Telling right from wrong

As a result of a lot of people doing wrong — executives at Enron, Adelphia Communications and Tyco International, to name but a few — there are now a lot of people trying to make sure that everyone else is doing right (for example, auditors, regulators and those enforcing the likes of the Sarbanes-Oxley Act). And smack in the middle of it all is the IT department.

A few years ago, your company’s lawyers may not have thought there was much to IT beyond the help desk. Now, as a result of lawsuits, indictments, arrests, convictions and accusations, corporate legal departments have become intimately familiar with how their companies’ IT departments operate. The reason for this is that the information on servers and backup tapes amounts to a chronicle of the company’s activities and those of its employees.

At the same time that IT is trying to figure out how to restore data from many years ago (“Do we have a tape drive that can read this format tape? What software was it created with?”), we have to look forward by creating new records-retention policies and trying to make sure that we comply with the latest regulations.

Many IT staffers must be thinking, “It’s nice to be the centre of attention for a while,” and, “So this is what it’s like when other departments know you exist.”

But in all seriousness, these changes elevate IT’s role in the organization and underline the need for IT professionals to act responsibly and ethically.

Of course, the discussion of ethics goes well beyond corporate fraud and creative accounting. There are plenty of situations that can present ethical challenges for IT professionals, including software licence requirements, vendor selection and procurement procedures, administrative access to servers and tools that monitor user activity.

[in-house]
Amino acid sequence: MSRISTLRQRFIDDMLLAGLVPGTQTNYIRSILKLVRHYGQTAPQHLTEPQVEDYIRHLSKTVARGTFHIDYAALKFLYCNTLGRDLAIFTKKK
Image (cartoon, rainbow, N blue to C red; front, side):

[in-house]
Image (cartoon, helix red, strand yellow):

A lot of the time, it’s easy to tell right from wrong (although apparently those guys that made it to the front pages had some difficulty). But often it’s not so black-and-white.

Consider these scenarios: what do you do when a business manager asks you how to back-date a report or read an e-mail message without triggering the read receipt? Is it OK to duplicate a licensed CD that a user brings to you? When is it appropriate for a systems administrator to examine the contents of an employee’s file or surreptitiously monitor an employee’s Internet activities? What should you do if you know that your company’s customer-privacy policy is out of step with its actual practice? If your documentation is out of date, what do you tell the auditors when they ask if you have systems documentation?

And then there are the issues you read about in the trade press. Should security flaws be made public before the vendor is able to release the patch?

Brian Jaffe is an IT director in New York and co-author of the IT Manager’s Handbook: Getting Your New Job Done (Morgan Kaufmann, 2000)

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